A rear view of the challenges 

In 2013, Anil put forth to Raghu a business idea of running eye screening camps for hospital and NGOs. While Raghu and Anil decided to action the idea, they realized that the business was not viable because of the pricing of equipment, which were largely imported. That’s when the two saw the market opportunity to build a quality affordable camera and roped in Hari as the co-founder.

“The initial challenges were mostly related to optics design. This was primarily due to the lack of easy availability of optics designers for imaging systems in India. And, they are also expensive talent resources for a startup. That’s when we engaged several overseas consultants, but it was not viable to execute the development overseas.” So, the startup decided to develop the required competency in-house and through experimentation. It was a tough time, yet the team came together to overcome critical challenges related to refining optics, optical stimulation and product design.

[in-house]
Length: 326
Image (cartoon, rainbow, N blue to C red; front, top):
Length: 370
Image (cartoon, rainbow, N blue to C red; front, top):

Once the product was at hand, the next big challenge was what many niche startups face – acquiring the first few customers. Anil says, “We were not the only early entrants and there were other startups offering affordable products. There were reliability concerns as we were a startup, even though our product was much better than what was available in the market. Once we were able to crack the code and get to our early adopters, we were able to enhance our sales based on references.”

Team Intuvision
Expansion on the cards

The startup has over 150 installations of its products in the country and has even exported 10 units. The team is now looking to expand sales globally. Anil says, “Our long-term plans include expanding our product portfolio to include other imaging products like otoscopes, dermatoscopes, and meet the needs of the medical fraternity for quality and affordable products.”

Report an issue
Add to
Shares
42
Comments
Share This
Add to
Shares
42
Comments
Share
Authors

Related Tags